As the cold weather sets in, many areas start to see snow and ice on the roads, and some drivers start to consider a set of winter tires for their vehicles. Winter tires are also sometimes called snow tires and are typical tires with an aggressive tread that offers better traction on slick roads. In some cases, these tires have tiny metal studs in the tread to provide more grip on icy surfaces as well, but there are some things you need to know before putting them on your vehicle.

Changing To Winter Tires

Winter tires are not something you want to use all year long, so many people buy the tires and use them for a few months during bad weather, then take them off in the spring and store them until the following fall. There are several ways to do this, and while one involves more investment upfront, it can save you time later. 

When you change the tires on your vehicle to the winter tires, you can take the tires and your car to a tire shop and have a technician dismount your current tires, mount and balance the winter tires and wrap your standard tires for storage. This means that you must reverse the process in the spring, and it can become costly and time-consuming to mount and unmount your tires several times each year. 

Alternatively, you can buy a second set of wheels for your vehicle, mount the winter tires on them, and then when the time comes to put the winter tires on the vehicle, the shop can swap them for you. It is faster, less expensive, and you may even be able to change the tires yourself if needed. Often you can find used wheels in a salvage yard for a reasonable price that you can clean up and paint to use for your winter tires.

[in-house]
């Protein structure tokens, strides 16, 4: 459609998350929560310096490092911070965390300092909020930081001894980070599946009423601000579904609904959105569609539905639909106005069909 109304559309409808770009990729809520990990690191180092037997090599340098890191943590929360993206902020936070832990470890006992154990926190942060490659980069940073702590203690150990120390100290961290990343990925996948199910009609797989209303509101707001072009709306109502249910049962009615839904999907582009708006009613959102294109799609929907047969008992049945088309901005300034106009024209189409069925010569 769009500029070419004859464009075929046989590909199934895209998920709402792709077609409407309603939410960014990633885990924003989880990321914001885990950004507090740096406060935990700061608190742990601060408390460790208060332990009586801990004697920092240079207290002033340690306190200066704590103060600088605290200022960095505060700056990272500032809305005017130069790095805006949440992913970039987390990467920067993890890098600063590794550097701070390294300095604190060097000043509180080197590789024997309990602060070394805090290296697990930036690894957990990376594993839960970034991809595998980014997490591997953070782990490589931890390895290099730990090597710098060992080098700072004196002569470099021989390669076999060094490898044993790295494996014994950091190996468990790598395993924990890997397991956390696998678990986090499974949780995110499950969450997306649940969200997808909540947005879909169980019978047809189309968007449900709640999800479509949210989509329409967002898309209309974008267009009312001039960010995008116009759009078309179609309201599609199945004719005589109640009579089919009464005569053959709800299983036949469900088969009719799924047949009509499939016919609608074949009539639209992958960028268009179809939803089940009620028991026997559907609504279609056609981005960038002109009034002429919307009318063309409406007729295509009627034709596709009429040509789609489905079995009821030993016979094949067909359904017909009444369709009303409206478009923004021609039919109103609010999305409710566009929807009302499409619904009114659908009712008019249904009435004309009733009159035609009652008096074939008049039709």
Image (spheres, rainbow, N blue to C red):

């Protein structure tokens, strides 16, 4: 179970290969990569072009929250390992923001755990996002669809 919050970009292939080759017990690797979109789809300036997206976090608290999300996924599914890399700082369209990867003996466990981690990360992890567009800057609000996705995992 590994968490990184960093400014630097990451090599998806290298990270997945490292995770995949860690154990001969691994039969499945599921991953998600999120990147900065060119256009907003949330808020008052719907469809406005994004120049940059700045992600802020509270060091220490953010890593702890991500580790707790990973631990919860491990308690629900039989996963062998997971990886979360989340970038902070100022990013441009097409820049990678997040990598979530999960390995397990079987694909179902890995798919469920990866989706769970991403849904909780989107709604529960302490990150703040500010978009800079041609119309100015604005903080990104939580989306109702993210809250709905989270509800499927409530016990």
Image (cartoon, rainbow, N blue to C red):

Timing Your Tire Change

If the winter tires you are using on your car or truck have studs in the tread, you will need to check the local laws for limitations and timing for the use of studded tires. The studs in the winter tires provide more traction for your vehicle, but if the snow and ice are late arriving, they can damage the road surface, so many states prohibit their use until October or November. 

In addition to putting the tires on, studded winter tires must also come off the vehicle by a specified date. Driving on studded winter tires on dry, clear asphalt can pull the studs out of the tread and damage the tire, so it is never a good idea if you can avoid it. Talk to your local tire shop when you are buying new winter tires, and they can go over all the options with you and help you develop a plan that allows the best performance and value for your winter tire needs.